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ph0ebus

Twelve Men Survived the Horrors of the Great War

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ph0ebus

Hi all,

As the topic indicates, I am researching the Great War veterans who were killed by the anarchist's bombing on Wall Street, NYC on September 16, 1920. Having read Beverly Gage's new book, 'The Day Wall Street Exploded', where she mentions six of the bomb's victims were Great War veterans, I did a little supplimental reading and found a New York Times article which claimed that twelve bomb victims were ex-servicemen. A little research later, and I was able to identify the following chaps:

Kennedy Jr., Bernard F. –Age 30 –He served 11 months as a private in the 77th Division during the Great War; during that time he was gassed and wounded by shrapnel in the knee. His last known address was 443 Tenth Street, Brooklyn, NY. At the time of his death he was employed as a clerk in the Brokerage Firm of Johnson & Wood, located at115 Broadway. Bernard was killed by a metal slug strike to the head. Born October 4, 1890.

Neville, Charles – Age 42 – Charles served throughout the Great War in the Quartermasters Corps, attaining the rank of Brigadier general. He was stationed on Governor’s Island at the time of his death.

Joyce, William A. – Age 29 – William was an Officer, United States Signal Corps, and he served in a ‘Western Division’ during the Great War. He entered the service on March 8, 1918. After the war he was employed as a clerk at J.P. Morgan & Co. William’s last known address was 1806 Ditmas Avenue, Brooklyn, NY. William was engaged to be married within two weeks of his death.

Lindroth, Charles A. – Age 25 – Charles was a Private, Machine Gun Company, 106th Infantry of the 27th Division. He was invalidated home after a gas attack in the Great War. His last known address was 546 East Fifth Street, Brooklyn, NY. Charles had just been married two months earlier to Adeline Dennick. At the time of his death he was employed by National City Bank

Portong, Ludolph F. – Age 29 – US Army – Ludolph was wounded twice while overseas during the Great War. At the time of his death, he was employed as a teller at National City Bank. Last known address was 25 McCauley Avenue, Jamaica, NY. His wife was Edna Portong, whose own health at the time of her husband’s death was described as ‘delicate’.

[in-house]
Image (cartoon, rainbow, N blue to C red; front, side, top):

Hutchinson, William Fulton. –Age 43- Insurance Clerk for the Equitable Assurance Company. Member of the 7th Regiment, served during the Spanish-American War.

Thus, I have identified 5 Great War veterans killed in the bombing, and one Spanish-American War veteran. Anyone care to help me to either locate the other six men or disprove the Times' account? I hope to commemorate them on a web page which looks at the bombing with a focus on these veterans lost in this horrific attack.

Thanks,

-Daniel

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Ken S.

Could you post a link to the NYT article or provide a reference?

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phil@basildon

I can't remember the name but I am sure there was a senior British army officer assassinated during the 1920's by terrorists.

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AlanCurragh
I can't remember the name but I am sure there was a senior British army officer assassinated during the 1920's by terrorists.

Phil - a little off topic, but I think you are talking about Field Marshall Henry Wilson, killed by the IRA in 1922

http://en.wikipedia.org/wiki/Henry_Hughes_Wilson

Alan

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Kath

Re. Bomb.

"HOLD FUNERAL RITES FOR 6 BOMB VICTIMS; Crowds on City Streets Pay Moment's Tribute as Corteges Pass. FOUR WERE WAR VETERANS More Than 1,000 Attend Services for William F. Hutchinson and Harold L. Gillies.

September 20, 1920, Monday

Page 3, 756 words"

AND:

http://query.nytimes.com/gst/abstract.html...96F9C946195D6CF

"FLYNN ENCOURAGED IN HIS BOMB HUNT; Convinced Disaster Was No Accident, He Says Government "Never Sleeps or Quits." CONFERS WITH HIS AGENTS Fire Marshal Brophy Denies Report of Misdelivery ofExplosives.

E-MAIL

September 23, 1920, Thursday

Page 1, 1908 words"

http://query.nytimes.com/mem/archive-free/...96F9C946195D6CF

Kath.

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ph0ebus

Hi all,

So, we now can add the following new info to my original post, per the article "Hold Funeral Rites for Six Bomb Victims":

Joyce, William A. – was a member of the 14th Service Company, Signal Corps

Hutchinson, William Fulton - Fought in the Great War as well as the Spanish-American War. Member of Captain John Drum Post 273, VFW. Buried in Greenwood Cemetery, Hempstead, Long Island, NY.

Lindroth, Charles - Buried in Flatbush Hills Cemetery, Brooklyn, NY

Portong, Ludolph F. – Ludolph was with the 102nd Ammunition Train, 27th Division. Member of Captain John Drum Post 273, VFW.

These two chaps are new to the list:

Elsworthy, Reginald - Age 23 - Served with B Company, 114th Infantry, 29th Division in the Great War, and fought overseas. Last known address was 64 Liberty Street, West Orange, New Jersey. Employed as a clerk at the time of his death.

Osprey, Thomas Montgomery - Age 24 - Served with the 27th Division overseas in the Great War, was wounded and was invalidated home. Lived at 136 Chestnut Street, Flatbush, New York. Employed as a clerk. Body was so badly mutilated that it took two days to identify his remains.

So, we're up to eight.

There were only a few other men who were killed in the bombing who may have been the other four ex-service men (the rest were either too young or too old for military service); I will begin trying to vet each out to see what information may be available:

1. Joseph Arambarry, 29

2. John A. Donohue, 38

3. Worth Bagley Ellsworth, 20

4. Harold I Gillis, 27

5. Elmer Kehrer, 21

6. Alfred G Mayer, 23

7. Colin Barr McClure, 24

8. Jerome H. McKean, 33

9. Franklin G. Miller, 21

10. Theodore Peck, 36

11. William Ernst Peterson, 29

12. Alfred G. Phillips, 28

13. Joseph Schmitt, 30

14. Lewis K. Smith, 34

15. Francis B. Stoba, 34

16. Irving Tannenwald, 38

17. John Weir, 27